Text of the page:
Finding the leaked object reference by scanning memory: Example
An assertion failure was hit in some code.
// There should be no additional references to the object at this point assert(m_cRef == 1);
But the reference count was 2. That’s not good. Where is that extra reference and who took it?
This was not code I was at all familiar with, so I went back to first principles: Let’s hope that the reference was not leaked but rather that the reference was taken and not released. And let’s hope that the memory hasn’t been paged out. (Because debugging is an exercise in optimism.)
1: kd> s 0 0fffffff 00 86 ec 00 04effacc 00 86 ec 00 c0 85 ec 00-00 00 00 00 00 00 00 00 ................ // us 0532c318 00 86 ec 00 28 05 00 00-80 6d 32 05 03 00 00 00 ....(....m2..... // rogue
The first hit is the reference to the object from the code raising the assertion. The second hit is the interesting one. That’s probably the rogue reference. But who is it?
1: kd> ln 532c318 1: kd>
It does not report as belong to any module, so it’s not a global variable.
Is it a reference from a stack variable? If so, then a stack trace of the thread with the active reference may tell us who is holding the reference and why.
1: kd> !process -1 4 PROCESS 907ef980 SessionId: 2 Cid: 06cc Peb: 7f4df000 ParentCid: 0298 DirBase: 9e983000 ObjectTable: a576f560 HandleCount: 330. Image: contoso.exe THREAD 8e840080 Cid 06cc.0b78 Teb: 7f4de000 Win32Thread: 9d04b3e0 WAIT THREAD 91e24080 Cid 06cc.08d8 Teb: 7f4dd000 Win32Thread: 00000000 WAIT THREAD 8e9a3580 Cid 06cc.09f8 Teb: 7f4dc000 Win32Thread: 9d102cc8 WAIT THREAD 8e2be080 Cid 06cc.0878 Teb: 7f4db000 Win32Thread: 9d129978 WAIT THREAD 82c08080 Cid 06cc.0480 Teb: 7f4da000 Win32Thread: 00000000 WAIT THREAD 90552400 Cid 06cc.0f5c Teb: 7f4d9000 Win32Thread: 9d129628 WAIT THREAD 912c9080 Cid 06cc.02ec Teb: 7f4d8000 Win32Thread: 00000000 WAIT THREAD 8e9e8680 Cid 06cc.0130 Teb: 7f4d7000 Win32Thread: 9d129cc8 READY on processor 0 THREAD 914b8b80 Cid 06cc.02e8 Teb: 7f4d6000 Win32Thread: 9d12d568 WAIT THREAD 9054ab00 Cid 06cc.0294 Teb: 7f4d5000 Win32Thread: 9d12fac0 WAIT THREAD 909a2b80 Cid 06cc.0b54 Teb: 7f4d4000 Win32Thread: 00000000 WAIT THREAD 90866b80 Cid 06cc.0784 Teb: 7f4d3000 Win32Thread: 93dbb4e0 RUNNING on processor 1 THREAD 90cfcb80 Cid 06cc.08c4 Teb: 7f3af000 Win32Thread: 93de0cc8 WAIT THREAD 90c39a00 Cid 06cc.0914 Teb: 7f3ae000 Win32Thread: 00000000 WAIT THREAD 90629480 Cid 06cc.0bc8 Teb: 7f3ad000 Win32Thread: 00000000 WAIT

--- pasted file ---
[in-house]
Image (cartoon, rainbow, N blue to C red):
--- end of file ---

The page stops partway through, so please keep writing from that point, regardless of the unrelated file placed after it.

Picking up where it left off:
Now I have to dump the stack boundaries to see whether the address in question lies within the stack range.
1: kd> dd 7f4de000 l3 7f4de000 ffffffff 00de0000 00dd0000 1: kd> dd 7f4dd000 l3 7f4dd000 ffffffff 01070000 01060000 ... 1: kd> dd 7f4d7000 l3 7f4d7000 ffffffff 04e00000 04df0000 // our stack ...
The rogue reference did not land in any of the stack ranges, so it’s probably on the heap. Fortunately, since it’s on the heap, it’s probably part of some larger object. And let’s hope (see: optimism) that it’s an object with virtual methods.
0532c298 73617453 0532c29c 74654d68 0532c2a0 74616461 0532c2a4 446e4961 0532c2a8 00007865 0532c2ac 00000000 0532c2b0 76726553 USER32!_NULL_IMPORT_DESCRIPTOR (USER32+0xb6553) 0532c2b4 44497265 0532c2b8 45646e49 0532c2bc 41745378 contoso!CMumble::CMumble+0x4c 0532c2c0 00006873 0532c2c4 00000000 0532c2c8 4e616843 0532c2cc 79546567 0532c2d0 4e496570 0532c2d4 00786564 0532c2d8 2856662a 0532c2dc 080a9b87 0532c2e0 00f59fa0 0532c2e4 05326538 0532c2e8 00000000 0532c2ec 00000000 0532c2f0 0000029c 0532c2f4 00000001 0532c2f8 00000230 0532c2fc fdfdfdfd 0532c300 45ea1370 contoso!CFrumble::`vftable' 0532c304 45ea134c contoso!CFrumble::`vftable' 0532c308 00000000 0532c30c 05b9a040 0532c310 00000002 0532c314 00000001 0532c318 00ec8600
Hooray, there is a vtable a few bytes before the pointer, and the contents of the memory do appear to match a
CFrumble object, so I think we found our culprit.
I was able to hand off the next stage of the investigation (why is a Frumble being created with a reference to the object?) to another team member with more expertise with Frumbles.
(In case anybody cared, the conclusion was that this was a variation of a known bug.)